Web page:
Book One -- The things that sustain and support the entire body, and what braces and attaches them all. [the bones and the ligaments that interconnect them] | Chapter 5 The Structure of the Head: Why It Is Shaped As It Is, and How Many Configurations It Has

APPENDIX B: Variant shapes of the head (end). Expanded 1555 version

But I think that boy was suffering from a similar affliction to the one I observed at Augsburg in a two-year-old girl whose head had so grown in about seven months that I never saw a man’s head which did not yield to it in size. 34 This was the disorder which the ancients called hydrocephaly from the water that gradually accumulates and is retained in the head. Yet in this girl the water had not accumulated between the skull and the membrane [dura mater] that covers it on the outside or on the skin (where the books of physicians say water is otherwise retained), but in the cavity of the brain itself, and in both left and right ventricles, whose volume had so grown and the brain itself so extended, that they contained almost nine pounds of water or three Augsburg wine measures (believe it or not). 35 In addition, as the cerebrum in the vertex of the head was as thin as a membrane [falx cerebri], and its body nearly of a piece with its own thin membrane, so too the skull was quite membranous [fonticuli cranii] and its bony portion no thicker than the girl’s skull had been before it grew oversize, in much the same way as in newborn infants we see the frontal bone [tuber frontale, os frontale] and the bones of the vertex [tuber parietale] placed where they otherwise border on each other, and in many children appear membranous [fonticulus anterior] for a noticeable interval and area. 36 Meanwhile the cerebellum and the entire base of the cerebrum were normal, as well as the extensions of the nerves [nervi craniales]. In no places whatever did I find water other than in the ventricles of the brain that were swollen in the manner described, and the girl had full use of all her senses until her death. When I examined her a few days before she died, each time her head was moved by those attending her and was elevated a little, no matter how gently, a violent cough with difficult breathing immediately assailed the girl; there was a strange flush over the entire face, a suffusion of blood, and a flood of tears. 37 Her condition in the rest of her body was moderate, though her joints were slack and weak but not limp; there was no great emaciation, serous tumor in her limbs, or signs of epilepsy or tremors. When her liver was examined soon after death, it was slightly pale and somewhat smaller and harder than natural in other cases. The spleen was extremely enlarged and soft, 38 as if it had for a considerable time functioned in place of the liver, so that along with the other physicians present I was less astonished at this than I was that such a mass of water had been so long collected in the ventricles of the brain without greater symptoms. Similarly, at nearly the same time the heart of a very noble and learned man caused us no ordinary astonishment. We found about two pounds of glandular (but blackish) tissue in his left ventricle. 39 The heart was stretched 40 about this mass of flesh like a uterus or that girl’s brain, and the man before his death was in a melancholic state and rather sleepless; his pulse was strangely uneven and irregular, and he clearly showed a contraction of the artery [aorta]. 41 Thus, many months before his death (even though he walked about in other respects like a healthy person) his pulse or artery had been seen to contract more and remain contracted for an interval of three or four pulses or beats as if it were preparing to drive something out. Indeed, in the final weeks of life, after an interval of nine beats only two or three dilations of the artery could be felt afterward. 42 Thereupon, the animal faculty 43 remained sufficient along with the chief functions of the anima until death, which came not so much from damage to the heart as from gangrene of the left leg resulting from an inhibited arterial pulse, 44 as if the weakened pulses of the irregular heart inadequately vented off the innate heat 45 of the leg, particularly because as the result of a wound from a culverin some years previously the artery to his fibula had been damaged. We will pursue countless such cases at greater length in another book, 46 wherein I shall present accounts of dissections I have made that are especially suitable for knowledge of diseases and the practice of the entire medical art. Meanwhile in the present work we have decided to explain only the well knit human body, passing over in silence all things freakish and those which occur only in the unhealthy and diseased. Here we have mentioned unnatural shapes of the head because they have been generally treated by professors of anatomy, 47 and because likenesses of the head that are called unnatural, even by the unusually conscientious (since to be sure the brain requires no special shape, as we now agree) will sometimes be observed, even though such skulls, and particularly those differing from the natural shape in the type of sutures, present themselves to us in cemeteries quite infrequently, as will be stated in the next chapter. Such skulls would perhaps show up now and again if we were to search the cemeteries of the Alpine people who face Styria, 48 as I hear those people’s heads are deformed not only in the shapes of head just mentioned, but in far different ways.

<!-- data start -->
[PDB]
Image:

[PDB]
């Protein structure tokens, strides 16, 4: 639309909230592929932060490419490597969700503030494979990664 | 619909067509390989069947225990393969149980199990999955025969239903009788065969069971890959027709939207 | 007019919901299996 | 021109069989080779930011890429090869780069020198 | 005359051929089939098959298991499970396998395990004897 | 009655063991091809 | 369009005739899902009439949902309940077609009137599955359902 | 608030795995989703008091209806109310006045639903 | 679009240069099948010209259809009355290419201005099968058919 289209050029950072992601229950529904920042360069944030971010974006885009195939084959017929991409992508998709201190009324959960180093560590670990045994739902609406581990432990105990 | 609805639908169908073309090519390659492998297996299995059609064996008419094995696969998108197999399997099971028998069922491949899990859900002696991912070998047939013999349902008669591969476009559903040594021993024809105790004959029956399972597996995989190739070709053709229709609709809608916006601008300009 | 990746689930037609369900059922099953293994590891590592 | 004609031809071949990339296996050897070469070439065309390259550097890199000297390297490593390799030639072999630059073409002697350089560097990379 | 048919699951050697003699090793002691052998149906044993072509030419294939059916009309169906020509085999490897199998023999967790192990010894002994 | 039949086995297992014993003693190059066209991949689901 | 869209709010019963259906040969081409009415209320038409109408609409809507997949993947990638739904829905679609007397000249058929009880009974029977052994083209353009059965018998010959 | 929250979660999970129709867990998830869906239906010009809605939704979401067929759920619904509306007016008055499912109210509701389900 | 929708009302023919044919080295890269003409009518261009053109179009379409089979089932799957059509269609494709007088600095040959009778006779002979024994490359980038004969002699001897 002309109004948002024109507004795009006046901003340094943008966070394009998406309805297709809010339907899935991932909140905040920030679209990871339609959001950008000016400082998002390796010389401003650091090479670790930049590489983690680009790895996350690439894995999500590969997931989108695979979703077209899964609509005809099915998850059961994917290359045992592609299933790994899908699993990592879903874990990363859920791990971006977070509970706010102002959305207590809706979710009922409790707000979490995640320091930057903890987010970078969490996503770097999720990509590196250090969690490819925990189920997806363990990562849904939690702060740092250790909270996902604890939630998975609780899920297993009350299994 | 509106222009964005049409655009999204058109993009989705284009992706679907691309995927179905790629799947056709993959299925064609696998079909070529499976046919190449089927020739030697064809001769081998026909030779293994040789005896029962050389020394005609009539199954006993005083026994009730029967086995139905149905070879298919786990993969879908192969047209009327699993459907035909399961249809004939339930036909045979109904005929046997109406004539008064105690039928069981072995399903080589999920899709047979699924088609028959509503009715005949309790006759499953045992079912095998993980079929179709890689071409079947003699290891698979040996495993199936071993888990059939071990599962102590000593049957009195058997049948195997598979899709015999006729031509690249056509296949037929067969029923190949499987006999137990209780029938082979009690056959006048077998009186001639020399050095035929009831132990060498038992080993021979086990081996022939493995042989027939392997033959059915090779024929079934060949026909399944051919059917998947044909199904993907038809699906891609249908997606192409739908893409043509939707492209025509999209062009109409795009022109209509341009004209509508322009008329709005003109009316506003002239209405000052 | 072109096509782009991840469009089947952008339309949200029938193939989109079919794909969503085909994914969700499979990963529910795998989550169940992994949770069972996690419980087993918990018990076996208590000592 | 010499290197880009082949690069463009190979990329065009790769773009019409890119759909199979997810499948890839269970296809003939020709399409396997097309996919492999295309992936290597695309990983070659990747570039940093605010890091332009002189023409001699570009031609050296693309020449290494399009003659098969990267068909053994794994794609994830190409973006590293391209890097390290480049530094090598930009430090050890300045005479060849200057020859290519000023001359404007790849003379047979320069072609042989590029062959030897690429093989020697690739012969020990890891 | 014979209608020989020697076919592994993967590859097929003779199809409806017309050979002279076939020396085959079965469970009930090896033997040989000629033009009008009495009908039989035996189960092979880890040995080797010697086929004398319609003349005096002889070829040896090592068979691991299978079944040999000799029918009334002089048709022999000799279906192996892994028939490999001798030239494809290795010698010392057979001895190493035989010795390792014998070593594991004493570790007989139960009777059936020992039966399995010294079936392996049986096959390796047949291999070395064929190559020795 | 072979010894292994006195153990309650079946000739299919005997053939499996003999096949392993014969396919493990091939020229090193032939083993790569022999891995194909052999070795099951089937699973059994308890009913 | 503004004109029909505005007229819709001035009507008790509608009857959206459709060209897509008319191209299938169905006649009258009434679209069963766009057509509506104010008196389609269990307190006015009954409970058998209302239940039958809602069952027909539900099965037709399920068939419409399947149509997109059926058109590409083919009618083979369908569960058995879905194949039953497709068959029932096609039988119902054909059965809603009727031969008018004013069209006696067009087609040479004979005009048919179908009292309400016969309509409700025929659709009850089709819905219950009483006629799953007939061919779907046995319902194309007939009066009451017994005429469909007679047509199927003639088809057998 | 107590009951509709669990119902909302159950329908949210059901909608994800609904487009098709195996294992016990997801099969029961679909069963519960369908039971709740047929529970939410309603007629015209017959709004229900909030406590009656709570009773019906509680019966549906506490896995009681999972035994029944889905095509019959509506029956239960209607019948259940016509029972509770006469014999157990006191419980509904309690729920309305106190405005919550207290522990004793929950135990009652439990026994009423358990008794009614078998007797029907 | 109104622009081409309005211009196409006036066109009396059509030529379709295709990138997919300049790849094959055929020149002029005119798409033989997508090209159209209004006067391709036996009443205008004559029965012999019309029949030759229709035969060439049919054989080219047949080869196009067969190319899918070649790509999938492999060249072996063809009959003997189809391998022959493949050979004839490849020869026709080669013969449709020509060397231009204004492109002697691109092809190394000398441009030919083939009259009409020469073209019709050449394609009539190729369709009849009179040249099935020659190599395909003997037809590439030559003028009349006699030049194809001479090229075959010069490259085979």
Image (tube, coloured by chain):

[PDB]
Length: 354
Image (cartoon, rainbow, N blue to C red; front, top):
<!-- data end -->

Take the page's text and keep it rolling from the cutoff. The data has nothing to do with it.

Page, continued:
Book One -- The things that sustain and support the entire body, and what braces and attaches them all. [the bones and the ligaments that interconnect them] | Chapter 5 The Structure of the Head: Why It Is Shaped As It Is, and How Many Configurations It Has